Migraine and Headache Symptoms

Intense Head Pain, Nausea, and Other Symptoms

Headaches can be classified into 3 main categories: cluster headaches, tension headaches, and migraines. Each of these types of headaches has different symptoms.

Cluster Headache Symptoms
Cluster headaches typically happen suddenly and start off as severe headaches. These headaches may occur daily for weeks or months, and they usually occur around the same time of the day.

Some common cluster headache symptoms:

  • a sweaty, flushed face
  • drooping eyelid(s)
  • excruciating eye pain but can radiate to other areas of the face: the head, neck, and shoulders
  • extreme tearing of the eyes
  • red eye(s) or swelling under or around the eye on the same side as your head pain
  • one-sided head pain—often burning or sharp
  • runny or stuffy nose on the same side as your head pain

Tension Headache Symptoms
For many people, tension headaches can occur daily. Head pain associated with these headaches may last for a half an hour to up to a week. Tension headaches often get worse with stress, bright lights, and/or noise. With this type of headache, you'll often see people trying to relieve their pain by massaging their temples or another part of their head.

Common tension headache symptoms include:

  • a feeling of tightness or pressure on your forehead or the sides and/or back of your head
  • all over head pain (not just one-sided)
  • dull, aching (but not throbbing) head pain
  • may feel for more pain at your scalp, temples, neck, and shoulders

Migraine Symptoms
Migraines can be dull or extremely severe. They can also happen on a regular basis, and they may last up to 3 days. They're often triggered by something, such as hormonal changes or too much caffeine. With migraines, you might feel pain behind your eye or in the back of your head and neck.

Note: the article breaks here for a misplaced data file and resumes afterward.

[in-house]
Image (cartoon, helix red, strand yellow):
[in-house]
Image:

There are 2 main types of migraines: migraine with aura and migraine without aura (formerly known as classical migraine).

Main migraine symptoms are:

  • a stiff and/or tender neck
  • an aura (This usually happens about 10 to 15 minutes before the migraine occurs. With auras, you may experience temporary blind spots, blurred vision, and eye pain, and you may see flashing lights or colored lines that look like zigzags.)
  • extreme fatigue
  • feeling cold or sweaty
  • light-headedness or dizziness
  • nausea and/or vomiting
  • pain that's worse on one side of your head
  • problems concentrating and trouble speaking
  • sensitivity to light, sound, and/or strong odors
  • throbbing, pulsating, or intense pressure of the head

Not everyone with migraines and headaches will experience the same symptoms, but if you have symptoms, it's important to talk to your doctor about treatments for migraines and headaches.

Regardless of your migraine and/or headache symptoms, there is a wide variety of treatments available. Your doctor will work with you to choose the right treatments for your migraines and/or headaches.

Updated on: 11/19/15
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Migraine and Headache Causes